Kenya women march for right to wear mini-skirts
November 18, 2014
By JASON STRAZIUSO* [caption id="attachment_14189" align="alignleft" width="300"] Kenyan women protest for the right to wear whichever clothes they want, at a demonstration in downtown Nairobi, Kenya Monday, Nov. 17, 2014. A recent incident in which a mob of men surrounded a woman and tore her clothes off, leaving her naked on the street in front of a bus stop after alleging that she was improperly dressed, is one of several such videos that have surfaced online in recent days leading to a groundswell of anger that on Monday prompted around 1000 demonstrators, including a number of men supporting the women’s cause, to march through the capital and protest online using the hashtag #MyDressMyChoice. (AP Photo/Ben Curtis)[/caption]
NAIROBI, Kenya (AP) — The grainy mobile phone video shows a mob of Kenyan men surround a woman and grab, grasp and yank her clothes until she is naked. Several such videos have emerged recently of attacks by males who deem a woman to be provocatively dressed. The attacks have created a groundswell of anger that saw mostly women protesters flood downtown Nairobi Monday.
The hashtag #MyDressMyChoice is trending in Kenya’s social media, as this East African country sees a clash between new, Western lifestyles and traditional African ways.
Rachel Machua wore what she called “a little black dress … my normal outfit” to Monday’s protest. She views the recent attacks as stemming from socio-economic conditions: Lower income men are attacking successful, well-dressed women.The attacks are not overtly religious in nature, though this is a conservative, mostly Christian country. The women at the march described “normal” levels of sexual harassment over the years and said that peers will warn other women that “you’re gonna get undressed” for wearing a particular outfit. “Kenyan men are in different groups. My father wanted me to be here and said you can dress however you want. Then there are others who think you are out of their reach and they try to victimize you,” said Machua, 26, who runs an aid group called Transforming Generations.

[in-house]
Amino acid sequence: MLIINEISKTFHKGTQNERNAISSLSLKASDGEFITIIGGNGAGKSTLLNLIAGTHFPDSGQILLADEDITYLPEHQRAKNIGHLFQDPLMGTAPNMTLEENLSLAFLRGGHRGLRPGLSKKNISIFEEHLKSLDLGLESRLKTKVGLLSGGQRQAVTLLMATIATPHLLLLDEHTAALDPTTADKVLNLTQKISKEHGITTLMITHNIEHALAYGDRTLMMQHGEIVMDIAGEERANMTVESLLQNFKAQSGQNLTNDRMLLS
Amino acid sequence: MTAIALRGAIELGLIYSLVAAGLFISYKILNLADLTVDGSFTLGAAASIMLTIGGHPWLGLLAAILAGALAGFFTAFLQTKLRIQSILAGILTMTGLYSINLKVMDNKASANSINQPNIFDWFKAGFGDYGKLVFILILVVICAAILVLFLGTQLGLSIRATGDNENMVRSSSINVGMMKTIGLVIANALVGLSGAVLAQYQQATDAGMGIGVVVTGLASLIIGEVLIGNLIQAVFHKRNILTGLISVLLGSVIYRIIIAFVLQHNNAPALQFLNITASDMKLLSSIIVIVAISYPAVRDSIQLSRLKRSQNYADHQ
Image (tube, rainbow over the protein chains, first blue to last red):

Women play an active role in Kenyan society. The country’s foreign minister is a woman, though few women hold high-ranking elected office. Parliament is a virtual men’s club, unlike in neighboring Rwanda, where more than half of parliament is female.
After the recent attacks, elderly Kenyan women are said to have rescued the naked victims by giving them a shawl to cover up.
About 10 percent of the approximately 1,000 people marching through the streets were men. James Wamathai, said he was marching because he believes in equal rights.
“I think it’s really horrible and no women should have to go through that,” said Wamathai, 33, who does commercial media work. “It’s a weird sexual fetish. If you see some of the videos some of the men are groping the women. … But it’s not based on anything (like religion) because in Africa we didn’t used to wear clothes.”
Just 100 meters (yards) from the march’s meeting point, park worker Ulda Akinyi emptied trash. Akinyi looked at the demonstration with disdain, and said she has instructed her three daughters to dress conservatively for fear of attracting unwanted attention. “Wearing miniskirts is the devil’s work,” said Akinyi.
Men gathered against a nearby fence. Most said they didn’t support the cause. A man who gave only his first name, John, said he didn’t want Kenya’s women to “seduce” him by wearing revealing clothing.
“It’s like three-quarters naked if you are wearing one of those short skirts,” said David Ndongo, who works on one of Kenya’s mini transport buses known as matatus, where women can also face harassment.
Robyn Emerson is a 43-year-old American from Texas who has lived in Kenya for a decade. In America, she said, women talk about issues like equal pay and abortion rights. Kenya is just a couple steps behind, she said.
“I think there are so many things happening in Nairobi and Kenya all at once, a new way of living influenced by modernity which runs up against cultural stances,” she said. “But at the confluences we can’t say we want some parts of modern things — we want to be a middle income and have modern technology — and not the other things that come with it.”*Source AP/Yahoo]]>
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